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Gunga mät

Michelle Gaymarr

Pandanus, feathers and bush dyes

53cm x 53cm

2019

Mäts woven from bush-dyed native fibres including gunga (pandanus) are considered contemporary artworks. They are often displayed on walls and sometimes enjoyed as floor coverings. These two-dimensional works of art have developed from traditional pieces known as Bamugora.

Bamugora are at once practical and metaphorical objects associated with child conception, birth, women’s business, coming of age and death. A bamugora is symbolic of a womb that holds a fertile egg, and a fishing net that catches the newborn. It can also function as a tool for young men and women during initiation, protection from sun, wind, rain and insects, a ground cover and a shelter for a mother and her newborn, and protection for an elder nearing the end of life.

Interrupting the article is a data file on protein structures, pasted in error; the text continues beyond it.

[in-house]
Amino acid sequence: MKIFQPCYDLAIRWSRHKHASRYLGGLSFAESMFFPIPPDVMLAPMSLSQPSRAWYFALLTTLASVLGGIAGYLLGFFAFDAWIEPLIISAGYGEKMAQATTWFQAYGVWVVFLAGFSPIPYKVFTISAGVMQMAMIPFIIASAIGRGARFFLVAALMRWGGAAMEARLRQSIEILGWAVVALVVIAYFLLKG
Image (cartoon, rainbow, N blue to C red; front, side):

Unlike the woven mäts that have become more predominant today, bamugora are woven into triangular shapes with two sides. When the two sides of ŋaṉmarra are opened they form a conical shelter. They can also be flattened to make a ground cover, or wrapped around the body of a child or the waist of an adult. Raki (string) is attached to the top of the triangle making it easy to carry bamugora in its flattened and folded form.

Today, many Milingimbi artists explore the potential of woven patterns and combinations of colours extracted from native plant materials through their creation of mät as contemporary art pieces.

Bamugora is the Burarra term for these objects. They are known as Ŋaṉmarra in Djambarrpuyngu .

Ref: 197-19

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$550.00

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